Dáil stops short of condemnation of Israel
Dáil stops short of condemnation of Israel


Ireland has been expressing its outrage at the war crimes of the Israeli authorities and the increasingly genocidal slaughter of innocent civilians in Gaza.

Protests are being heard at the highest levels of Irish society, but have so far failed to draw a significant response from the Dublin government.

A minimal statement by the Taoiseach Leo Varadkar calling for a “humanitarian” ceasefire was followed on Wednesday night by a debate at the Dublin parliament leading to a relatively weak motion also calling for peace.

A demonstration took place outside Leinster House in solidarity with the Palestinian people as Irish TDs stopped short of calling for an explicit condemnation of Israel.

Thousands who marched in Dublin at the weekend in support of Palestine are set to return next weekend to hear condemnations of the dilute position adopted by the Irish government.

There has also been anger at the one-sided response of the EU, the USA and other international powers and the general failure of the international community to intervene to end an Israeli bombing campaign estimated to have already claimed the lives of 5,000 innocent Palestinians.

But there has been strong support for Irish President Michael D Higgins, who blasted EU leaders such as Ursula von der Leyen for their ‘thoughtless and reckless’ approach in support of Israeli war crimes.

President Higgins said that von der Leyen was “not speaking for Ireland and she wasn’t speaking for the opinions that they hold”.

He said: “To announce in advance that you will break international law and to do so on an innocent population, it reduces all the code that was there from second world war on protection of civilians and it reduces it to tatters.”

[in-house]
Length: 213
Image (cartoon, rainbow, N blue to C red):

The continuing annihilation by Israel of the population of 2.3m Palestinians in the sealed Gaza enclave has so far seen over 10,000 bombs rain down on an area half the size of Louth, Ireland’s smallest county, in less than two weeks.

A population of more than one million have now been ordered to travel to the south of the Gaza Strip. Hundreds have died en route amid a barrage of high powered Israel missiles on the roads leading south.

The expulsion has been compared to the ‘To Hell Or to Connacht’ drive by Oliver Cromwell, in the British militarist’s pogrom against the Irish population in the 17th century.

Irish human rights groups have been unable to mount relief efforts in Gaza as dozens of international aid workers have already been killed and injured in the continuous bombing.

The latest attacks saw hundreds killed in missile attacks on a hospital and a mosque amid an unprecedented Israeli disinformation campaign to escape responsibility for its crimes. With few exceptions, western governments have chosen to accept the propaganda for their own selfish political and economic purposes.


Irish republicans and socialists joined more than 20,000 people who marched around Ireland last weekend as part of a global movement to show solidarity and to oppose plans for a devastating Israeli ground offensive in Gaza.

In a statement, republican prisoners at Maghaberry, Hydebank and Portlaoise pledged their “ongoing support” for Palestine and the Palestinian cause of freedom.

“The outcry of support across Ireland and around the world is a beacon for the Palestinian cause,” they said.

“We would also like to remind those who are vocal about the illegal occupation of Palestine that at home we still face the same occupation by an illegal force.